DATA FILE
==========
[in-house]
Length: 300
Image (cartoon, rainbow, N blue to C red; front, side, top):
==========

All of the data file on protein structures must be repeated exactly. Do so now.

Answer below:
[in-house]
Length: 300
Image (cartoon, rainbow, N blue to C red; front, side, top):